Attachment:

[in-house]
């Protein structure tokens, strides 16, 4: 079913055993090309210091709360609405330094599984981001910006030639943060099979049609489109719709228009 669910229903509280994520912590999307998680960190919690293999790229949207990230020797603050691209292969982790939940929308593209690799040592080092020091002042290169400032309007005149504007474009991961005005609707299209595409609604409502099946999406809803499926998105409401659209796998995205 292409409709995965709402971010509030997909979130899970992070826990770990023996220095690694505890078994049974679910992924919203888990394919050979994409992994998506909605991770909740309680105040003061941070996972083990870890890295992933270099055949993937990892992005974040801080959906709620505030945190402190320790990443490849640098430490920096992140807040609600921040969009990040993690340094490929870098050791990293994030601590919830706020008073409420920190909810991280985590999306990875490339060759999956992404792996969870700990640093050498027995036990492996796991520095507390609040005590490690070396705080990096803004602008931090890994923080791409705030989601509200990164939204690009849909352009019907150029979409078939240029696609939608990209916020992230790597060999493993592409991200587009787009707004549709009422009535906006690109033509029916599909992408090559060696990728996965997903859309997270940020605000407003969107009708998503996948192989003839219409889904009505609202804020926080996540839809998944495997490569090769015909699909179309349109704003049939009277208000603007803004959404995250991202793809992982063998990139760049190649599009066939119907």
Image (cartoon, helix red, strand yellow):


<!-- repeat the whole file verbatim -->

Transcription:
[in-house]
């Protein structure tokens, strides 16, 4: 079913055993090309210091709360609405330094599984981001910006030639943060099979049609489109719709228009 669910229903509280994520912590999307998680960190919690293999790229949207990230020797603050691209292969982790939940929308593209690799040592080092020091002042290169400032309007005149504007474009991961005005609707299209595409609604409502099946999406809803499926998105409401659209796998995205 292409409709995965709402971010509030997909979130899970992070826990770990023996220095690694505890078994049974679910992924919203888990394919050979994409992994998506909605991770909740309680105040003061941070996972083990870890890295992933270099055949993937990892992005974040801080959906709620505030945190402190320790990443490849640098430490920096992140807040609600921040969009990040993690340094490929870098050791990293994030601590919830706020008073409420920190909810991280985590999306990875490339060759999956992404792996969870700990640093050498027995036990492996796991520095507390609040005590490690070396705080990096803004602008931090890994923080791409705030989601509200990164939204690009849909352009019907150029979409078939240029696609939608990209916020992230790597060999493993592409991200587009787009707004549709009422009535906006690109033509029916599909992408090559060696990728996965997903859309997270940020605000407003969107009708998503996948192989003839219409889904009505609202804020926080996540839809998944495997490569090769015909699909179309349109704003049939009277208000603007803004959404995250991202793809992982063998990139760049190649599009066939119907």
Image (cartoon, helix red, strand yellow):